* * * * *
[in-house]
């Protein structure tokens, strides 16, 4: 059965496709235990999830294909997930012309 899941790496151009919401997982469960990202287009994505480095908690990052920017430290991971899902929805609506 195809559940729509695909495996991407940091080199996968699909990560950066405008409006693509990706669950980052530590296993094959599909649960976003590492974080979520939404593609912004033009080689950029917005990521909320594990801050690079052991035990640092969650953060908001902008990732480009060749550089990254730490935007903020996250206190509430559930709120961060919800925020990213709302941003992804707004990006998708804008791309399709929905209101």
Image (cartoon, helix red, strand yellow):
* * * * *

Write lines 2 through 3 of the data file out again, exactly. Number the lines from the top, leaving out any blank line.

């Protein structure tokens, strides 16, 4: 059965496709235990999830294909997930012309 899941790496151009919401997982469960990202287009994505480095908690990052920017430290991971899902929805609506 195809559940729509695909495996991407940091080199996968699909990560950066405008409006693509990706669950980052530590296993094959599909649960976003590492974080979520939404593609912004033009080689950029917005990521909320594990801050690079052991035990640092969650953060908001902008990732480009060749550089990254730490935007903020996250206190509430559930709120961060919800925020990213709302941003992804707004990006998708804008791309399709929905209101």
Image (cartoon, helix red, strand yellow):